wash/rinse off the shower gel

takiakos76

Senior Member
Hungarian
Put some shower gel on your skin, then wash it off.
Put some shower gel on your skin, then rinse it off.
- it there any difference in meaning?
Thanks!
 
  • Hermione Golightly

    Senior Member
    British English
    There's not much difference between wash and rinse but the sentence reads very strangely. If I didn't know how to use shower gel, this would not tell me what to do to get clean.
     

    Hermione Golightly

    Senior Member
    British English
    'Washing' suggests some vigorous motion to get something clean using water and a cleaning product. 'Rinsing' means using water to remove something, the gel in this case, after washing.
    There should be some action after putting the gel on, using it, then rinsing off.
     

    Glasguensis

    Signal Modulation
    English - Scotland
    'Washing' suggests some vigorous motion to get something clean using water and a cleaning product. 'Rinsing' means using water to remove something, the gel in this case, after washing.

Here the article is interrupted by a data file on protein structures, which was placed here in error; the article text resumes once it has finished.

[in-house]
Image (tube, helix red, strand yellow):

There should be some action after putting the gel on, using it, then rinsing off.
    I agree that "washing" has this implication, but "wash off" does not - it means the same as "rinse off".
     

    takiakos76

    Senior Member
    Hungarian
    There's not much difference between wash and rinse but the sentence reads very strangely. If I didn't know how to use shower gel, this would not tell me what to do to get clean.
    Yes, sorry, it was just a silly example I came up with, I didn't think about whether it actually made sense.
    "Spread the shower gel on your body, then wash/rinse it off"...? Does that sound OK?

    Thanks!
     
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